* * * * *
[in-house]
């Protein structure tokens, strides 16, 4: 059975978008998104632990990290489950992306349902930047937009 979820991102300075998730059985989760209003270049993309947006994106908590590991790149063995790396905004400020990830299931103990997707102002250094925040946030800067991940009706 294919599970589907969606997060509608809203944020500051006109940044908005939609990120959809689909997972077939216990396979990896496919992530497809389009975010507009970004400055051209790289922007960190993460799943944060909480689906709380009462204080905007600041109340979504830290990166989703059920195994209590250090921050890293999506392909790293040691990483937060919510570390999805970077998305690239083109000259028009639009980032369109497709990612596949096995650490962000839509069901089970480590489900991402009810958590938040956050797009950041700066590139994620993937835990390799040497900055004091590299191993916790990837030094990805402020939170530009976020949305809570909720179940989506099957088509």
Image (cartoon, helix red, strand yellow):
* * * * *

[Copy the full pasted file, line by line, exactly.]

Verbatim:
[in-house]
């Protein structure tokens, strides 16, 4: 059975978008998104632990990290489950992306349902930047937009 979820991102300075998730059985989760209003270049993309947006994106908590590991790149063995790396905004400020990830299931103990997707102002250094925040946030800067991940009706 294919599970589907969606997060509608809203944020500051006109940044908005939609990120959809689909997972077939216990396979990896496919992530497809389009975010507009970004400055051209790289922007960190993460799943944060909480689906709380009462204080905007600041109340979504830290990166989703059920195994209590250090921050890293999506392909790293040691990483937060919510570390999805970077998305690239083109000259028009639009980032369109497709990612596949096995650490962000839509069901089970480590489900991402009810958590938040956050797009950041700066590139994620993937835990390799040497900055004091590299191993916790990837030094990805402020939170530009976020949305809570909720179940989506099957088509």
Image (cartoon, helix red, strand yellow):